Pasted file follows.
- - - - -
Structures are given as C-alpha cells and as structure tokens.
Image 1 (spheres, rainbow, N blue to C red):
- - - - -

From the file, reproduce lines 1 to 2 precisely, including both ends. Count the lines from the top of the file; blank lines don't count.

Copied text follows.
Structures are given as C-alpha cells and as structure tokens.
Image 1 (spheres, rainbow, N blue to C red):